GUIDANCE FOR USAGE OF DIGITAL CERTIFICATES
|Publication Date:||11 July 2018|
This document sets forth guidance for life-cycle management of public/private (i.e., asymmetric) keys that are used to secure interactions among systems. The devices included within the scope of this guidance.
The scope of this guidance is not intended to include:
- Any off-board, ground-based systems, including those with which aircraft systems and operator-controlled PEDs may communicate. Ground-based systems do not have the unique constraints and challenges associated with global, mobile aircraft systems; therefore, they are expected to reference guidance in ATA Spec 42 as applicable to typical IT environments.
- Passenger-owned devices, which are beyond the control of the aircraft operator.
- Operator-controlled PEDs that are treated like passenger-owned devices.
This document is meant to be a companion to Air Transport Association (ATA) Spec 42, which is the work product of the ATA Digital Security Working Group (DSWG). ATA Spec 42 specifies a digital identity management framework and standard digital certificate profiles recommended for use across the air transport industry, as well as standard policies governing the issuance and use of these certificates and the levels of assurance that may be conveyed in a digital identity. This document specifically addresses ATA Spec 42 in the context of actual aircraft deployment by providing guidance to aircraft manufacturers, equipment suppliers, and operators on topics including:
Purpose and Objectives
Newer generations of aircraft in production and use today are equipped with security applications that rely on digital certificates. It is expected that future aircraft will use certificates for increasing numbers of applications. The purpose of this document is to provide guidance for key life-cycle management, which refers to the phases through which digital certificates and associated cryptographic keys progress, from creation through usage to retirement.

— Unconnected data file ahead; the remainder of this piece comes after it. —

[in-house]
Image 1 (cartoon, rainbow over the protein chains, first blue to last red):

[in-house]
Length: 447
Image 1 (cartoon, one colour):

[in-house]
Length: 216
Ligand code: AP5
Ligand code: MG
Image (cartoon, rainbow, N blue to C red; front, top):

The guidance is based on open international standards that are adapted to the aviation environment, recognizing that a typical commercial airplane has a long lifespan, its operational environment is highly complex and regulated, and multiple stakeholders operate ground-based systems that communicate with airplanes. Using a standardized and consistent key management approach, as proposed in this document, helps to reduce cost of design, implementation, and operation even across a heterogeneous fleet.
The document is intended to benefit the following users:
• Airlines and other Aircraft Operators - Digital certificates are expected to be used in the deployment of airline applications used on aircraft. A key objective of this document is to assist operators in their efforts to implement procedures that support the use and maintenance of digital certificates. This is necessary to accommodate the directions that the airframe manufacturers are taking in new aircraft and also to comply with any future regulatory requirements that address certificate-based message authentication of airto- ground communications. Standardized guidance helps operators to develop uniform procedures for installation, use, and life-cycle maintenance of digital certificates in aircraft systems.
• Airframe Manufacturers and Avionics Equipment Suppliers - The guidance in this document is intended to help airframe manufacturers and avionics equipment suppliers consider the impact of digital certificate implementation decisions on airlines and aircraft operators. The application of consistent practices across multiple aircraft systems that employ digital certificates helps to minimize recurring design effort and drives more uniform key management processes, even across a heterogeneous fleet. As a result, this is expected to reduce costs for operators.
• ARINC Standards Developers - By referencing this digital certificate guidance, developers of other ARINC Standards (e.g., external-entity-toai
When reading this document, the reader is cautioned that:
• It may be necessary for airlines and aircraft operators to adapt the roles and activities described in this guidance in accordance with the Certificate Policy selected to govern the digital certificate life cycle.
• It may be necessary for airframe manufacturers and avionics equipment suppliers to tailor the guidance to accommodate avionics system technical and operational constraints (e.g., limited processing/memory resources, limited connectivity).
• In the case where the supplier or equipment manufacturer maintains management and/or oversight of a system installed on the aircraft, it may be necessary to substitute "supplier" for "airline."